+++ b/lib/Transforms/Hello/Hello.cpp
@@ -16,6 +16,9 @@
 #include "llvm/IR/Function.h"
 #include "llvm/Pass.h"
 #include "llvm/Support/raw_ostream.h"
+#include "llvm/IR/LegacyPassManager.h"
+#include "llvm/Transforms/IPO/PassManagerBuilder.h"
+
 using namespace llvm;

 #define DEBUG_TYPE "hello"
@@ -63,3 +66,10 @@ namespace {
 char Hello2::ID = 0;
 static RegisterPass<Hello2>
 Y("hello2", "Hello World Pass (with getAnalysisUsage implemented)");
+
+static void registerHello(const llvm::PassManagerBuilder &Builder,
+                                    llvm::legacy::PassManagerBase &PM) {
+  PM.add(new Hello2);
+}
+static llvm::RegisterStandardPasses RegisterHello(llvm::PassManagerBuilder::EP_LoopOptimizerEnd,
+                                  registerHello);

Symbol resolution is purposely different, as prior library search order was totally undefined which lead to serious problems (for cling in particular), see the Summary.

Right, all I am saying is it doesn't work and asking to revert because it makes the issue much worse on cling/ROOT end. I think you are mostly having in mind Windows which cling doesn't officially support, however, this patch breaks Unix.

Do you have more information or a test demonstrating the failure?

I think you should be able to reproduce it if you apply this patch and start up ROOT...

I'd really like to make sure that these issues aren't easily fixed or relying on prior behavior which was poorly defined before reversion.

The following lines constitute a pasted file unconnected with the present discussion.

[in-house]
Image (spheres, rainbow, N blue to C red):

I'd support that. What about reverting it now while you address the underlying out issues without pressure. If this patch was meant to address a cling issue, I'd have been happier to discuss and test it, before landing it.

marsupial added inline comments.May 24 2017, 1:31 PM
llvm/trunk/include/llvm/Support/DynamicLibrary.h
61

Ughs..could have save so much time just asking for that.
This revision actually isn't responsible, for the bug, but did make it more obvious.

Anyway reproduced here...and the fix is here:
https://reviews.llvm.org/D33515.

efriedma added inline comments.May 24 2017, 1:47 PM
llvm/trunk/include/llvm/Support/DynamicLibrary.h
61

I tried that patch, but it still segfaults for me, in the same way, in
llvm::object_deleter<llvm::SmallVector<std::__1::pair<llvm::PassManagerBuilder::ExtensionPointTy, std::__1::function<void (llvm::PassManagerBuilder const&, llvm::legacy::PassManagerBase&)> >, 8u> >::call(void*) ()

marsupial added inline comments.May 24 2017, 1:55 PM
llvm/trunk/include/llvm/Support/DynamicLibrary.h
61

To be clear you've tried the revision created today?https://reviews.llvm.org/D33515

What are the test results from running
unittests/Support/DynamicLibrary/DynamicLibraryTests

Can we move the discussion into that revision as this is getting a bit long, and moving OpenedHandles into a ManagedStatic did not occur in this revision?

Symbol resolution is purposely different, as prior library search order was totally undefined which lead to serious problems (for cling in particular), see the Summary.

Right, all I am saying is it doesn't work and asking to revert because it makes the issue much worse on cling/ROOT end. I think you are mostly having in mind Windows which cling doesn't officially support, however, this patch breaks Unix.